Bringing in competition in all areas of the power sector would benefit both the industry and the general public.
The Previous Budget
The power sector had been facing serious challenges over the past few years. The key issues pertain to shortfall in supply of coal and gas, delay in clearances for projects and the declining financial health of electricity distribution utilities. The last Budget highlighted the key focus areas. The government intends to secure the energy needs of the country with a larger share of renewable energy, specifically wind and solar power.
The focus of the previous Budget was providing 24×7 power supply to all households. This is not a target that can be achieved overnight but needs a special mention. We are witnessing constraints along all links of the power value chain today, be it in fuel supply, transmission infrastructure or distribution efficiency. However the government is committed towards reviving the sector. Already a number of action plans have been designed to accelerate the reforms in the sector, be it reviving the sick generation assets or last-mile competition.
In keeping with the focus of the Budget, Rs 500 crore was allocated for ultra-mega solar projects, Rs 400 crore was allocated to solar power driven agricultural pump sets, Rs 100 crore for the development of 1 MW solar parks on the banks of canals and implementation of the green energy corridor project to facilitate evacuation of renewable energy across the country. The duties on solar PV panels and for wind generators were reduced, the clean energy cess on coal was doubled and accelerated depreciation for wind energy generators was reintroduced. While the preparatory work for ultra-mega power projects has started, we are yet to see concrete action on the ground.
While it is too early to assess the achievements, against the FY 2014-15 target of 2,000 MW of addition to wind capacity, as on December, 2014, 1,333 MW has been achieved. As also against the FY 2014-15 target of 1,100 MW of addition to solar capacity, as on December, 2014, 431 MW has been added. Similarly, the Budget allocated to the ultra-mega solar projects and the agricultural pump sets remain largely unused. There has been limited progress on the green energy corridor project. With respect to distribution reforms, the Budget allocated an amount of Rs 500 crore to the feeder separation program (Deen Dayal Upadhyaya Gram Jyoti Yojana) to augment power supply to the rural areas and for strengthening sub-transmission and distribution systems. The Budget allocated was too small to make a significant impact. The Budget allocated to the program is likely to increase manifold in the upcoming Budget.
The government extended the 10-year tax holiday for the power business for all projects getting commissioned before 2017. This has provided investors a wider horizon to plan investments.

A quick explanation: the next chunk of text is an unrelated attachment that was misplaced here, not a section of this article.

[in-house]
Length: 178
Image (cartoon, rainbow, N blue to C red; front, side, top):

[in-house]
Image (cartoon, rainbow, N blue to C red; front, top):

A slew of initiatives and targets were set to enhance domestic coal production. Some of the key highlights in the last Budget for the mining sector included comprehensive measures to enhance domestic production, rationalizing the coal linkages and exploitation of coal bed methane reserves. While in quantitative terms, a little has been achieved, a number of initiatives have been launched to achieve the objectives. The production from State-owned CIL has been irregular, forcing a number of power plants to operate with less than seven days of stock, much below the desired levels. However, post the Supreme Court decision to de-allocate the captive mines, the government has been quick to implement a framework for coal block allocation to the private sector, based on end use. Contrary to previous initiatives, this framework is forward looking and may in future also allow private miners to mine coal for commercial sale. Already we are witnessing an unprecedented effort from the government to quickly award the de-allocated captive mines and private sector response has also been overwhelming.
Another major setback for the sector was in implementing the next Ultra Mega Power Projects under the proposed DBFOT route. Private sector companies have found this route to be highly restrictive and the two projects (Odisha and Cheyyur UMPPs) on the anvil did not take off. The Budget might provide direction on implementation of the proposed UMPPs.
Rollover to the next Budget
As discussed, the government from day one has been focused on two macro initiatives; one, 24×7 power to all and second, increasing focus on renewable energy initiatives. We believe these two highlights from the previous Budget shall be rolled over to this yearÂ´s budget but with far greater impetus. The government is also likely to increase the focus on the Deen Dayal Upadhyaya Gram Jyoti Yojana project to ensure 24/7 availability of power while reducing the theft of power. There has been limited progress with respect to the green energy corridor with no specific budgetary allocation. With the increasing growth in renewable energy targets, it is likely that there would be a more specific action plan in this regard in this Budget.